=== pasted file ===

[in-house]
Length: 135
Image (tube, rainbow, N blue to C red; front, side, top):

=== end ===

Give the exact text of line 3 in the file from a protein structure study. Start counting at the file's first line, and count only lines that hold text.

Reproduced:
Image (tube, rainbow, N blue to C red; front, side, top):